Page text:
Covid-19: Government set to extend Level 5 restrictions to late February

Irish hospitality sector may not reopen properly until late May or early June

The Government is set to extend the Level 5 Covid-19 restrictions until late February at next week’s Cabinet meeting, the Irish Times understands.

The strict measures were initially introduced until the end of this January after case numbers increased sharply following the relaxation of restrictions in the lead-up to Christmas.

Officials in the Department of Education have begun exploring whether schools can reopen on February 1st, although the delay in reopening schools for children with special needs has dampened the prospects of agreement being reached for other schools.

Hospital Report

Sources have said the department will follow whatever is advised by the State’s public health team including advice on whether mobility has reduced enough to allow schools to reopen safely.

It is understood the hospitality sector may not reopen properly until late May or early June. Restaurants and cafes had hoped to be in a position to reopen outdoors in April but this is now being viewed as increasingly unlikely.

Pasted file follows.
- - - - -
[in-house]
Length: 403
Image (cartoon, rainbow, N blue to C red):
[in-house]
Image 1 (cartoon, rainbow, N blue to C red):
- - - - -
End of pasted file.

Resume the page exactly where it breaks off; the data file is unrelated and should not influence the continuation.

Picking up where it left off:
Senior figures in the industry are understood to have recently asked Government if a reopening would be possible after the end of March when the most vulnerable people in the country have been vaccinated against Covid 19 but were told this was not likely.

This is because the risk would still be too high with around 80 per cent of the population still needing a vaccine at that stage. The emergence of new highly transmissible variants of coronavirus have further complicated matters.

Meanwhile, childcare providers have called on the Government to give clarity on its reopening plans for the sector.

Seas Suas, the representative body for independent early learning and care providers in Ireland, wrote to Minister for Children Roderic O’Gorman on Tuesday evening asking for “clarity on the plan for childcare post 31 January” asking “will the childcare sector reopen for all children or are we required to continue to provide education and care for the children of essential and frontline workers only.”

The group also asked the Department to “provide detail of what funding measures will be in place from 1 February to support providers who are operating at reduced capacity and occupancy for the children of essential and frontline workers only.”

“This should include a substantial upfront payment on account to replace scheme funding payments due on 29th January to assist cashflow to meet wages and other overheads due in early February.

“Now, more than ever, we need decisive leadership and timely policies to safeguard the continued operation of the sector as a whole,” the group said.